I got my first credit card with a $3,500 limit because I was planning on taking a solo trip to Paris. This was to be my fist ever overseas trip and I was going alone. I had made plans to save all the money I needed in advance because I was not going to carry a balance on this card. No way, no how. And I stuck to that plan! I paid for my trip from money in the bank as soon as I booked flights and accommodation on my Visa. When I got back I did have a bit of a balance because, well, I didn’t know how much I could actually spend, and I didn’t really budget. But I paid it off with my next paycheque. Easy peasy! So why is it now carrying a balance over three thousand? I think I can pinpoint it back to when I purchased my new MacBook. And I hadn’t exactly saved up for it before I bought it. But I figured I would pay it off in two, three paycheques tops. Instead the balance crept up to what it is today. And that’s my debt story! Kind of horrific, especially because I know I knew better than to let this happen.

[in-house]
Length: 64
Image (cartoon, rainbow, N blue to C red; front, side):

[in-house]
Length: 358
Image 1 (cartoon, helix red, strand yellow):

I’m not a dummy. I know there is a responsible and smart way to use credit cards. In fact all of this could have been done in a much smarter way. That’s why this is so shameful to write. And it’s why I am finally making a plan to fix it.

The dreaded number

So here it is. The big ugly. I wasn’t sure I was going to publish the total of my debt, but I decided it would help me more to share the whole story.

Total debt: $20,636.15 (which consists of a student loan, a line of credit, and a credit card)

This has been painful enough so I’m going to end it here. I will post another day about my plan of attack to kill this sucker sooner rather than later. And no more downer posts! I can only go up from here.

Have you tackled and made significant progress in your debt repayment? I would love to hear your story!